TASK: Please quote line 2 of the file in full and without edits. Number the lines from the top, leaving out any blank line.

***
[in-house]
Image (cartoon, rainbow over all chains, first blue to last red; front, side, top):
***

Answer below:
Image (cartoon, rainbow over all chains, first blue to last red; front, side, top):